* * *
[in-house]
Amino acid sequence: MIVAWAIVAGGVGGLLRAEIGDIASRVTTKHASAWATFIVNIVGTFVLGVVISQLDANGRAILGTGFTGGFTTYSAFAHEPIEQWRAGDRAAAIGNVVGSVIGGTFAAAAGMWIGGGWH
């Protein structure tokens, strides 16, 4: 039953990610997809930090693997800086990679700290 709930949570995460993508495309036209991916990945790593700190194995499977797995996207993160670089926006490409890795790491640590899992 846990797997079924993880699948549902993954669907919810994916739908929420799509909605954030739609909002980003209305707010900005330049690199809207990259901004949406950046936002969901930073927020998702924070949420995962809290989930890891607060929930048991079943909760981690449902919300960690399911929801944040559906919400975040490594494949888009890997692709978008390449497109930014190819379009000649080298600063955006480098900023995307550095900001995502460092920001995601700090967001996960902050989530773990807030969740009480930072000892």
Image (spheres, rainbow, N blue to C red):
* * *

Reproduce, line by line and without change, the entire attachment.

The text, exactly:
[in-house]
Amino acid sequence: MIVAWAIVAGGVGGLLRAEIGDIASRVTTKHASAWATFIVNIVGTFVLGVVISQLDANGRAILGTGFTGGFTTYSAFAHEPIEQWRAGDRAAAIGNVVGSVIGGTFAAAAGMWIGGGWH
């Protein structure tokens, strides 16, 4: 039953990610997809930090693997800086990679700290 709930949570995460993508495309036209991916990945790593700190194995499977797995996207993160670089926006490409890795790491640590899992 846990797997079924993880699948549902993954669907919810994916739908929420799509909605954030739609909002980003209305707010900005330049690199809207990259901004949406950046936002969901930073927020998702924070949420995962809290989930890891607060929930048991079943909760981690449902919300960690399911929801944040559906919400975040490594494949888009890997692709978008390449497109930014190819379009000649080298600063955006480098900023995307550095900001995502460092920001995601700090967001996960902050989530773990807030969740009480930072000892």
Image (spheres, rainbow, N blue to C red):